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Of victory! our ends, and Warwick's head,
death. [Exeunt Sheriff and Officers with the Prisoners. Daw. Away-impostor beyond precedent! No chronicle records his fellow.
Hunt. I have
? Our ends, and Warwick's head—conclude the wonder
Of Henry's fears.] This poor prince, as Lord Bacon calls him, was undoubtedly sacrificed to the barbarous policy of the king. He was brought to trial almost immediately after Warbeck’s death, condemned, and executed for conspiring with the former to raise sedition ! He made no defence, and probably quitted, without much regret, a life that had never known one happy day.
Enter King HENRY, DURHAM, and Hialas.
K. Hen. We are resolv’d.
Hunt. You are gracious.
In that we'll honour him. Our lords shall follow
• We gather this fit use.] The poet seems to apply this word in the Puritanical sense (then sufficiently familiar) of doctrinal or practical deduction. See Mass. vol. iji. p. 293. and Jonson, vol. vi. p.55.
I cannot dismiss this “ Chronicle History," as Ford calls it, without observing that it has been much under-rated. That the materials are borrowed from Lord Bacon is sufficiently clear; but the poet bas arranged them with skill, and conducted bis plot with considerable dexterity to the fatal catastrophe. Perkin is admirably drawn; and it would be unjust to the author to overlook the striking consistency with which he has marked his character. Whatever might be his own opinion of this person's pretensions, he has never suffered him to betray his identity with the Duke of York in a single thought or expression. Perkin has no soliloquies, no side speeches, to compromise bis public assertions; and it is pleasing to see with what ingenuity Ford has preserved him from the contamination of real history, and contrived to sustain his dignity to the last with all imaginable decorum, and thus rendered him a fit subject for the Tragic Muse.
Of Huntley, the noble Huntley, and Dalyell, I have already spoken :--the author seems, in truth, to have lavished most of his care on the Scotch characters, and with a success altogether proEPILOGUE.
Here has appear'd, though in a several fashion,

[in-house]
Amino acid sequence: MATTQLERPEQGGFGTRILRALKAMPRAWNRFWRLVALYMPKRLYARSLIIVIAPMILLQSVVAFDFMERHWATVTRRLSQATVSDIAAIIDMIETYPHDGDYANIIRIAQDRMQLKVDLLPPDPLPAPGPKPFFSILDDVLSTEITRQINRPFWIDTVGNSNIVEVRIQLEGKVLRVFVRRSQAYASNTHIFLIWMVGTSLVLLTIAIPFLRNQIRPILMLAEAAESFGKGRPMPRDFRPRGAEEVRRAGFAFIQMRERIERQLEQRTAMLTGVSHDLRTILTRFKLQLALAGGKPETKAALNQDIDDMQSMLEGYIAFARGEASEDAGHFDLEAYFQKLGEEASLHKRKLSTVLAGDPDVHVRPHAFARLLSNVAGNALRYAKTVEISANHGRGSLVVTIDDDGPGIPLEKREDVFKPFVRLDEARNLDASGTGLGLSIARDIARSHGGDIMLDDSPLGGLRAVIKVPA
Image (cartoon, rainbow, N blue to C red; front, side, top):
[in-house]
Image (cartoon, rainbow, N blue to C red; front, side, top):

portioned to his exertions. Of his English personages much cannot be said, except, indeed, that he has given a most faithful portraiture of the cold, calculating, stern, shrewd, and avaricious Henry.
It is observable that the style of this piece, though occasionally deficient in animation, is more equable, clear, and dignified than that of any other of his works. It is such as the historic drama ought to appear in, and may justly excite some regret that the author had not more frequently taken his plots from our domestic struggles. Another thing too may be noticed. In most of his tragedies, the trivial and comic personages are poorly drawn: if they attempt to be witty, they usually fall into low buffoonry; and if they aim at a scene of mirth, are sure to create sadness or disgust. The low characters of this play do neither. They are uniformly sustained; their language, though technical, is not repulsive, and the style of that wise piece of formality, the mayor of Cork, who does not venture on one positive expression from first to last, is not only supported with undeviating skill, but rendered really amusing
THE FANCIES, CHASTE AND NOBLE.
The title-page of this Comedy, of wbich there is but one edition, stands thus in the 4to. “ The Fancies, Chast and Noble: Presented by the Queenes Majesties Servants, at the Phænix in Drury Lane. Fide Honor. London, printed by E. P. for Henry Seile, and are to be sold at his shop, at the Tyger's Head in Fleet Street, over against Saint Dunstan's Church, 1638.” It was probably licensed for the stage in 1637, as Ford brought out a new piece (The Lady's Trial) this year.